Oregon has considered a Domestic Workers Bill of Rights for many years, but then last week it gained traction. “At the last minute, this bill suddenly got the attention of a critical mass of legislators,” said Ai-Jen Poo, director of the National Domestic Workers Alliance. The law would mean that all nannies, house cleaners, and housekeepers who work in people’s homes would have a right to three days off a year, overtime pay for working more than 40 hours a week (or 44 if they live in an employer’s home), meal and rest breaks, 24 consecutive hours of rest each week or eight hours of rest every 24 hours for live-in employees, uninterrupted sleep and the right to cook food for those who live in their employers’ homes, and protections against harassment and discrimination.
Connecticut’s bill is a good deal narrower. It would change the state’s anti-discrimination and harassment statutes so that they include domestic workers, who are currently excluded. It will only apply to employers with three or more workers, however, which will exclude many households that only have one nanny or housekeeper. But as Poo pointed out, the state has “a density of wealthy employers who employ more than one domestic worker in their homes.”
And the changes can still have a big impact. “We believe a very high percentage of workers in Connecticut will benefit from this,” said Natalicia Tracy, executive director of the Brazilian Worker Center. Meanwhile, the symbolic significance is important. “It’s removing exclusions that are over 70 years old, it is creating changes in laws, but also showing it’s possible to change culture,” she said.
It’s also the first step in what organizers in the state hope will be a two-part process. Last year, the state convened a task force to study domestic workers’ rights in the state. The task force will release a report on its findings in October. At that point, Tracy, a member of the task force herself, says her group will use the recommendations to push for a full bill of rights that includes anti-relation provisions, parental leave and other benefits, and anti-trafficking measures. “I firmly believe that we’re going to be in excellent shape next year when it comes time to submit a bill and to have support on the bill,” she said.
It’s unclear whether the governors in each state will sign the bills into law, although advocates told ThinkProgress they believe both will. A spokesperson for Oregon Gov. Kate Brown (D) said, “The Governor will review the bill once it reaches her desk,” and a spokesperson for Connecticut Gov. Dannel Malloy’s (D) office said they are reviewing its bill.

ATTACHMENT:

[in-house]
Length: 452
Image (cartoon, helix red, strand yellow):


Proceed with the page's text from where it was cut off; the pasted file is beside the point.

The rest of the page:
Four states have already passed their own versions of Domestic Workers Bills of Rights: the first was New York, followed by California, Hawaii, and Massachusetts.
Beyond Connecticut and Oregon, Illinois could be another state to join the mix and pass a bill of rights. “We finally got a breakthrough last week with the House passing the bill, including some bipartisan support,” Poo noted. “We are now kind of all hands on deck trying to move through the Senate.”
Without the extra protections, domestic workers remain vulnerable to being paid poorly and mistreated. In a 2012 survey of more than 2,000 domestic workers across the country, a quarter were paid less than minimum wage and about half made an hourly wage that wasn’t enough to support their families. That left 20 percent to go without food because they couldn’t afford to buy any. Meanwhile, more than a third said they worked long hours without breaks but 85 percent didn’t get any overtime pay. But they have little recourse if they don’t like their working conditions: 91 percent who had problems didn’t complain for fear of risking their jobs, while among those who were actually fired, nearly a quarter was because they spoke up.
Poo’s group also isn’t settling for the basic standards required in the states that have passed bills of rights. They also want to see domestic workers get a living wage and paid time off. “We haven’t been successful in getting those pieces into many of the bills around the country,” she noted. But ever since they passed, her group has been focused on “using the minimum standards as a jumping off point,” she said, to get employers to go beyond the minimum.
This blog was originally posted on Think Progress on June 10, 2015. Reprinted with permission.
About the Author: The author’s name is Bryce Covert. Bryce Covert is the Economic Policy Editor for ThinkProgress. She was previously editor of the Roosevelt Institute’s Next New Deal blog and a senior communications officer. She is also a contributor for The Nation and was previously a contributor for ForbesWoman. Her writing has appeared on The New York Times, The New York Daily News, The Nation, The Atlantic, The American Prospect, and others. She is also a board member of WAM!NYC, the New York Chapter of Women, Action & the Media.